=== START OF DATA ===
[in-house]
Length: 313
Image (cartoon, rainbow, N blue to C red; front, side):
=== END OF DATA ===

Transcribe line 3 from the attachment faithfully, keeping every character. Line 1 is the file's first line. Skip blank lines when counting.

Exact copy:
Image (cartoon, rainbow, N blue to C red; front, side):